Simple Reversible Skirt - Tutorial

September 18, 2013



A super simple reversible vintage skirt to make in about an hour...

Skirts and dresses are wonderfully easy to wear for a little one in a cast, so today we spent some time together and made one.  Our little girl helped me choose the fabric from my stash, along with a vintage cross-stitch and some very old lace.

I made up the pattern along the way and it turned out to be reversible too - a bonus discovery when she tried it on inside out!

Here is a simple tutorial if you would like to make one for a little girl you know :)

Start with a piece of embroidered fabric - an old tablecloth is ideal.
My suggestion is to use a skirt which fits your girl well as a guide to measure your fabric dimensions.  This way you can use this tutorial to make a skirt for any age.

My piece measured about 15 x 26" (38 x 66 cm) as I wanted a really long skirt as it is quite chilly here at the moment.  I actually cut my square-ish table cloth in half and sewed it back together along the side to make the long rectangular shape needed.



Cut your lining fabric the same size and sew it right sides together with the embroidered piece along the long top edge.

Cut a good few inches off the bottom edge of your lining fabric.  This is so when you sew the pink strip onto the bottom, the seam is hidden underneath the embroidery overlay.

For the pink strip along the bottom cut a piece the same length as your main fabric/lining and twice as deep as you would like the strip to be.  Fold it in half along the long edge and sew onto your lining piece.  If you have an overlocker/serger this would be a good time to use it as although this seam will be underneath the embroidery overlay, you may still see the seam if the top layer flips up during play etc.

Add some pretty lace to the edge of your embroidered fabric.

It will look like this when you lay it flat.  All the seams should be on the wrong side.

Fold your skirt in half, right sides together so it forms a tube and sew down the side until you reach the pink strip at the bottom.  Leave the pink strip open.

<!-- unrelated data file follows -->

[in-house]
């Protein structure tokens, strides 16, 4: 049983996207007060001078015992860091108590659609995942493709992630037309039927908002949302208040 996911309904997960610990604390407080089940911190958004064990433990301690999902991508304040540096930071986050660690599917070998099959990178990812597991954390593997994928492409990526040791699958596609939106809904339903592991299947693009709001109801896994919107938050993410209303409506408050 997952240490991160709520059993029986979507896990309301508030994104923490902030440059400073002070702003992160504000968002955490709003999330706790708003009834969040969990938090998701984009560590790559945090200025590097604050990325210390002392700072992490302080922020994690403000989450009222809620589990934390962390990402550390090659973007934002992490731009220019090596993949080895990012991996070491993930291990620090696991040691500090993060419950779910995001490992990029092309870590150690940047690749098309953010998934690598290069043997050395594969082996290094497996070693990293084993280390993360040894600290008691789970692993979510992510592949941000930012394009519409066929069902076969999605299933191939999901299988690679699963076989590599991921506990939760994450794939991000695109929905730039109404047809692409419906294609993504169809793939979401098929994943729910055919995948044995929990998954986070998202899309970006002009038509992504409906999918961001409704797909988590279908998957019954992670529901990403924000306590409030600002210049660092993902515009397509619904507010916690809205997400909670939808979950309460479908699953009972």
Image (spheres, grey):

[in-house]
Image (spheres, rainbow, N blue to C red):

Open your skirt the right way out.
Sew a casing for your elastic about an inch wide along the top.  Be sure it is a little wider than the elastic you are using!

Measure the length of your elastic, using a well fitting skirt as a guide.  Unpick a tiny bit of the casing and thread your elastic through.  When it comes out at the other end, sew your elastic together well and let it slip into the casing.  Hand stitch the tiny hole closed.

Now we just need to finish the opening at the bottom of the pink strip.  You want to sew it together to form a nice joined tube.  Start at one point and with the right sides together, start sewing around.  This is a bit fiddly.  You wont be able to get all the way around with the sewing machine, so just hand stitch the last little bit closed.





Voila.  A lovely reversible vintage skirt.

Well done you!

xx

If you have any questions simply leave me a comment and I'll do my best to help. 
Be sure to provide a way for me to reply to you if your email address is not linked!  Thanks :)







16 comments:

  1. great instructions, makes me want to make one and I do not have a girl!!! love the finished skirt

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  2. LOVE this! Your daughter clearly has an eye for pretty things, and it all works so beautifully together. Hope she's well on the road to recovery now.

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  3. Go you! What a clever Mum and little dot :) and no doubt that pink will make for plenty of wearing xx

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  4. This is super dooper pretty Lisa - :)

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  5. This is gorgeous. Such a great idea and a very sweet skirt. Thanks for sharing the how to. Cx

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  6. It's super cute Lisa, that lovely tablecloth really makes it stunning!

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  7. Great tutorial and a really pretty skirt :) and it looks great teamed with the coat and shoes too!

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  8. What a beautiful, beautiful skirt x

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  9. So pretty! Great tutorial.

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  10. Oh how lovely. a wonderful way to repurpose all those thrifted tablecloths in the stash. x

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  11. it's really beautiful Lisa, especially with the vintage cross stitch and trims. and you are so good doing a tutorial-they are so time consuming! and a tutorial that doesn't intimidate me, yipee!

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    Replies
    1. How do you know her name?

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    2. How do you know her name?

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  12. Beautiful! Suddenly have an urge to go through my linens and see if I can't find the perfect one for a skirt for Emerson. Cohen may have something to say about this though, as I still owe him some shorts... :)

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  13. How lovely. I have bought a few pieces of vintage fabric, but can't decide what to do with them.

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  14. What does a "little one in a cast" have to do with any of this?

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